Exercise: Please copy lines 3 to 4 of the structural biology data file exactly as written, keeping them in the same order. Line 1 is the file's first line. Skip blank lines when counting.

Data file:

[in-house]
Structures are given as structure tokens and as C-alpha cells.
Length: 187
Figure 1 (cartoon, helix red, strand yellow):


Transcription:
Length: 187
Figure 1 (cartoon, helix red, strand yellow):